256 addDs : claset * thm list -> claset \hfill{\bf infix 4}

257 delrules : claset * thm list -> claset \hfill{\bf infix 4}

258 \end{ttbox}

259 The add operations ignore any rule already present in the claset with the same

260 classification (such as Safe Introduction). They print a warning if the rule

261 has already been added with some other classification, but add the rule

262 anyway. Calling \texttt{delrules} deletes all occurrences of a rule from the

263 claset, but see the warning below concerning destruction rules.

264 \begin{ttdescription}

265 \item[\ttindexbold{empty_cs}] is the empty classical set.

267 \item[\ttindexbold{print_cs} $cs$] displays the printable contents of~$cs$,

268 which is the rules. All other parts are non-printable.

270 \item[\ttindexbold{rep_cs} $cs$] decomposes $cs$ as a record of its internal

271 components, namely the safe introduction and elimination rules, the unsafe

272 introduction and elimination rules, the lists of safe and unsafe wrappers

273 (see \ref{sec:modifying-search}), and the internalized forms of the rules.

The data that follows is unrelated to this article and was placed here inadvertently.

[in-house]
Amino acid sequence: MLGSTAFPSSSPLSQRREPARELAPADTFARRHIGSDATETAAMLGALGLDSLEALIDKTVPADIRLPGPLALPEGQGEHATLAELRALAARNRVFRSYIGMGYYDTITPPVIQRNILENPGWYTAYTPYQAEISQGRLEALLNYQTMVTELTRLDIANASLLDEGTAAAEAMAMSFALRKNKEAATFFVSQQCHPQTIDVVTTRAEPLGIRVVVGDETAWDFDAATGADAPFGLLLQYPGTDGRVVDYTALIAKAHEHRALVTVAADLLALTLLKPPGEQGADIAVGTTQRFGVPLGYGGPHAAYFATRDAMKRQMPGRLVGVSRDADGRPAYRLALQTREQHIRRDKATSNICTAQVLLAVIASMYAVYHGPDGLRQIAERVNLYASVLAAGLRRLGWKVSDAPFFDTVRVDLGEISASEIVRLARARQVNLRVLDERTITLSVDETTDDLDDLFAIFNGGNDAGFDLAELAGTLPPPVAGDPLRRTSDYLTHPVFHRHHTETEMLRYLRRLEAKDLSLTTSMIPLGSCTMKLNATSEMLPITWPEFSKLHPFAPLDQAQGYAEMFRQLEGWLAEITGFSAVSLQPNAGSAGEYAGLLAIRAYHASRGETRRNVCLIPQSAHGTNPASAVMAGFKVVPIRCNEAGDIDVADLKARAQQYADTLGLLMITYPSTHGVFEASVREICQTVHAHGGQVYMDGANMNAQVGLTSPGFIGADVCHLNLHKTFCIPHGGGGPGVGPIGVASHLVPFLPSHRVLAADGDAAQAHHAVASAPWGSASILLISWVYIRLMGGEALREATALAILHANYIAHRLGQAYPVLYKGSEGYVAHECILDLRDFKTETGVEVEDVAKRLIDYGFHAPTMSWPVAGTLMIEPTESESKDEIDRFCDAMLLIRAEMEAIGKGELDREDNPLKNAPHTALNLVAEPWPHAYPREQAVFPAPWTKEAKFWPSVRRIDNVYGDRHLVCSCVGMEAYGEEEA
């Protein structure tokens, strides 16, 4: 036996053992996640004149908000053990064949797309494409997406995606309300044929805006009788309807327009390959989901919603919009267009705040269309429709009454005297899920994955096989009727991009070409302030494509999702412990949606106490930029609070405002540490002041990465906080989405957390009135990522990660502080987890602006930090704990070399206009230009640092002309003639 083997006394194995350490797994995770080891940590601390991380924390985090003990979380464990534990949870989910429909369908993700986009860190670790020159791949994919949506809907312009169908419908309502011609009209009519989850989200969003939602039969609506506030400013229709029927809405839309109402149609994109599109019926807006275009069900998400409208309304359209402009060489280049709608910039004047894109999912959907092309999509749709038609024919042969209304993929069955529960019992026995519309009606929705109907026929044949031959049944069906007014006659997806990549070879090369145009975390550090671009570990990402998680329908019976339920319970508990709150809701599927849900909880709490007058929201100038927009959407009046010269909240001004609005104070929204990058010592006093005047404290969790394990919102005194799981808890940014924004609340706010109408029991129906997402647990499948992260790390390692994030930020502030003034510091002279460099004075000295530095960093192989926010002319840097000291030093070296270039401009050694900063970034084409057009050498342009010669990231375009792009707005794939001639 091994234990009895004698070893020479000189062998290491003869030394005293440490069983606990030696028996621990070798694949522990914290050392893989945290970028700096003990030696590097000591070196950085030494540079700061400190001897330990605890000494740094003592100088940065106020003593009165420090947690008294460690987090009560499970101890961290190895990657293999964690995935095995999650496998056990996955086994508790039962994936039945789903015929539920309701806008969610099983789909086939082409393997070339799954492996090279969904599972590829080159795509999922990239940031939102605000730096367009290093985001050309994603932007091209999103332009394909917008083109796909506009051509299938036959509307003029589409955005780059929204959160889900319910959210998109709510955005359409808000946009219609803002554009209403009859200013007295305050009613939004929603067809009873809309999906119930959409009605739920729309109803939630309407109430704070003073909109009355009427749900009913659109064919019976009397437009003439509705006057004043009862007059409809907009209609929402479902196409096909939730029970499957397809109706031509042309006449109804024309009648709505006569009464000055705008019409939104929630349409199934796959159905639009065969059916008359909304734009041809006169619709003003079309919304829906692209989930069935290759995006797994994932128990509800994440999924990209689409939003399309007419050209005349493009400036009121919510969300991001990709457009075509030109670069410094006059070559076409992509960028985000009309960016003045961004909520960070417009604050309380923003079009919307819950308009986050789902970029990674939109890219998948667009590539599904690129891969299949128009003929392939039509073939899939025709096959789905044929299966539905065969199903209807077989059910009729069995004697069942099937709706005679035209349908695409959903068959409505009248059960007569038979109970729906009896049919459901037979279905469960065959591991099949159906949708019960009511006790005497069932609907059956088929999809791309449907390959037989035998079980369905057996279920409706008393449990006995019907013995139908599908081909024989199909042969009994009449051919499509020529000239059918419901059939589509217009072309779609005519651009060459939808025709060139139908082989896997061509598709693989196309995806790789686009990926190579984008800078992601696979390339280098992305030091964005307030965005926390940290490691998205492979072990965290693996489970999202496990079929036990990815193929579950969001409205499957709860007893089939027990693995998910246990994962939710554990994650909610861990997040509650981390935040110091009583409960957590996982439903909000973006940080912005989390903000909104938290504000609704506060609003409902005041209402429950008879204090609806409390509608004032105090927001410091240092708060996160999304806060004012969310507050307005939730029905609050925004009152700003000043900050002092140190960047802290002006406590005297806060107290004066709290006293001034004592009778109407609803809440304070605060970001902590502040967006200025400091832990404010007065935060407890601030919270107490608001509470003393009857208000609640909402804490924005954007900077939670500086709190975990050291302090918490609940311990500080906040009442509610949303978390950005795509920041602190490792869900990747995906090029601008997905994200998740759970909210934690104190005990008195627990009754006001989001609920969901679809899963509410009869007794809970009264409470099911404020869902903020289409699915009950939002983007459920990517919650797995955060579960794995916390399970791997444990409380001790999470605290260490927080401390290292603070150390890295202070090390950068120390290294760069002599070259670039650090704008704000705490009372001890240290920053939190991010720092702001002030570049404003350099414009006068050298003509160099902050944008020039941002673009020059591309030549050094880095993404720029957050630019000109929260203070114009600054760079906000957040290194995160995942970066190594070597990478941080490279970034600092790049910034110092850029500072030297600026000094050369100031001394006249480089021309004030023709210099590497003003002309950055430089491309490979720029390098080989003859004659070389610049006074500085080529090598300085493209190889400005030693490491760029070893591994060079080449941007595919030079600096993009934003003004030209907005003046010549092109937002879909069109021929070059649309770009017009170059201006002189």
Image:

275 \item[$cs$ addSIs $rules$] \indexbold{*addSIs}

276 adds safe introduction~$rules$ to~$cs$.

278 \item[$cs$ addSEs $rules$] \indexbold{*addSEs}

279 adds safe elimination~$rules$ to~$cs$.

281 \item[$cs$ addSDs $rules$] \indexbold{*addSDs}

282 adds safe destruction~$rules$ to~$cs$.

284 \item[$cs$ addIs $rules$] \indexbold{*addIs}

285 adds unsafe introduction~$rules$ to~$cs$.

287 \item[$cs$ addEs $rules$] \indexbold{*addEs}

288 adds unsafe elimination~$rules$ to~$cs$.

290 \item[$cs$ addDs $rules$] \indexbold{*addDs}

291 adds unsafe destruction~$rules$ to~$cs$.

293 \item[$cs$ delrules $rules$] \indexbold{*delrules}

294 deletes~$rules$ from~$cs$. It prints a warning for those rules that are not

295 in~$cs$.

296 \end{ttdescription}

298 \begin{warn}

299 If you added $rule$ using \texttt{addSDs} or \texttt{addDs}, then you must delete

300 it as follows:

301 \begin{ttbox}